"Tennessee students now cover about 67 percent of the cost of their education at public universities, and some 60 percent at community colleges."
John G. Morgan on Thursday, September 13th, 2012 in Testimoney to the U.S. Senate Education Committee
Official says students, not state, paying most of college cost
It’s well known that college tuition, at both public and private schools, has risen rapidly over the past several years. The steep increases have occurred across the nation, and Tennessee’s public institutions are no different, largely as a result of declining state appropriations
But when John Morgan, chancellor of the Tennessee Board of Regents, told a U.S. Senate committeethat Tennessee students now pay 67 percent of the costs of their educations at the state’s universities and 60 percent at community colleges, we were curious. When many parents of today’s students were public college students themselves two, three or four decades ago, the ratio was the reverse: state appropriations comprised up to 70 percent of the costs, and students and their parents picked up the rest. Did the burden shift that much?
In a word, yes. Morgan was precisely on mark with his testimony, as expected from a higher education administrator who spent 10 years as state comptroller, state government’s chief auditor and financial watchdog.
The latest figures available from the Tennessee Higher Education Commission, for the 2011-12 school year, show that student tuition and fees comprised 67 percent of the sum of revenue that state universities receive from state appropriations and from tuition and fees, and 60 percent at the community colleges. TheTHEC Fact Bookfor 2011-12, which is full of interesting information about public higher education in Tennessee, is available for review onTHEC’s website.
It’s important to note that those figures do NOT include what students pay for meal plans, residence halls and books and supplies – expenses that are not subsidized by taxpayers and which can be triple the costs of tuition at public schools. When those costs are included, students and parents are paying far more than two-thirds of the total costs of attending public institutions. But Morgan was discussing only tuition and mandatory fees.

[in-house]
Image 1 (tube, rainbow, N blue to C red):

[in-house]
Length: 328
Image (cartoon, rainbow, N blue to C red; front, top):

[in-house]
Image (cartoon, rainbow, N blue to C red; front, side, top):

Students’ share of the costs has been steadily rising while the state’s share has been declining. Through the mid-1980s, the state paid about 70 percent of what its public colleges and universities cost on a per-student basis. But that share has been decreasing ever since, through both Democratic and Republican control of the state Capitol.
By 2000, the state share had declined to 57 percent at its universities and 68 percent at its community colleges. By the 2011-12 school year, the state share was down to about one-third at the universities and to 40 percent at the community colleges. The tipping point when Tennessee students began paying more of the costs than taxpayers occurred in 2003 at the four-year schools and in 2009 at the two-year campuses, THEC says.
When contacted for this article, Morgan said that "even with the rise in tuition over the last five years or so, on a per full-time equivalent basis, our institutions have less money to spend than they did five or so years ago," at least through last year. "State reductions, along with a rise in enrollments, have forced us to become more efficient in a way," Morgan said.
He added:"Whatever the case, I believe we are at a point where we can’t raise tuition much beyond general-inflation increases without impacting enrollment. We may already be seeing that effect this year: enrollment is down on average across our system although historically enrollments rise during recessions and flatten out or decline somewhat during recoveries. From a public policy standpoint, if Tennessee’s future is dependent on increasing education attainment, we are going to have to find a way to make it affordable. I’m hopeful that is a conversation we have as a state this year."
Gov. Bill Haslam is focusing on higher education this year, although much of his work thus far has been on ensuring that public institutions produce graduates with skills to enter the state’s workforce. So far at least, about his only talk of affordability has been a promise to try to increase state funding and efficiencies on public campuses, which would reduce the pressures to raise tuition. It will be interesting to see how much influence Morgan, who has spent most of his career helping inform the public policy of the state, will have on that discussion.
Parents of aspiring college students who remember the days when tuition covered just one-third the per-student costs at state colleges and universities may be shocked to learn that, at least in Tennessee, students now pay 67 percent of the costs of their education through tuition and fees.
That’s the point that one of Tennessee’s top higher education officials told a Senate committee, and the research backs him up. We rule this statement True.